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  1. Can False Memory for Critical Lures Occur Without Conscious Awareness of List Words?Daniel D. Sadler, Sharon M. Sodmont & Lucas A. Keefer - 2018 - Consciousness and Cognition 58:136-157.
  • Evaluating the Evidence for Nonconscious Processes in Producing False Memories.Jeroen G. W. Raaijmakers & René Zeelenberg - 2004 - Consciousness and Cognition 13 (1):169-172.
    In response to the failure of Zeelenberg, Plomp, and Raaijmakers to replicate the results of Seamon, Luo, and Gallo regarding their purported finding of a reliable false memory effect in the absence of memory for the list items, Gallo and Seamon report a new experiment that they claim shows that conscious activation of a related lure during study is not necessary for its subsequent recognition. We critically evaluate their conclusion and argue that the evidence clearly shows that false recognition is (...)
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  • Presentation Duration and False Recall for Semantic and Phonological Associates.Nicole Ballardini, Jill A. Yamashita & William P. Wallace - 2008 - Consciousness and Cognition 17 (1):64-71.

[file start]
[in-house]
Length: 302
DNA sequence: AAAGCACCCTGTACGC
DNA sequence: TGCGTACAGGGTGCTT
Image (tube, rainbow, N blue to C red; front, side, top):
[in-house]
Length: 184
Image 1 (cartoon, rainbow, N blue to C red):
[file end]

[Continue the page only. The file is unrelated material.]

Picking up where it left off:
Two experiments examined false recall for lists of semantically and phonologically associated words as a function of presentation duration. Veridical recall increased with long exposure durations for all lists. For semantically associated lists, false recall increased from 20–250 ms, then decreased. There was a high level of false recall with 20 ms durations for phonologically associated lists , which declined as duration increased. In Experiment 2, for lists presented at 20 and 50 ms rates, false recall given zero correct recall (...)
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  • Evidence That Nonconscious Processes Are Sufficient to Produce False Memories.Sivan C. Cotel, David A. Gallo & John G. Seamon - 2008 - Consciousness and Cognition 17 (1):210-218.
    Are nonconscious processes sufficient to cause false memories of a nonstudied event? To investigate this issue, we controlled and measured conscious processing in the DRM task, in which studying associates causes false memories of nonstudied associates . During the study phase, subjects studied visually masked associates at extremely rapid rates, followed by immediate recall. After this initial phase, nonstudied test words were rapidly presented for perceptual identification, followed by recognition memory judgments. On the perceptual identification task, we found significant priming (...)
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